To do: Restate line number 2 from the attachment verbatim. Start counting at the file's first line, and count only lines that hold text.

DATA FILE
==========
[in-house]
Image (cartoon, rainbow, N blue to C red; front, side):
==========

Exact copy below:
Image (cartoon, rainbow, N blue to C red; front, side):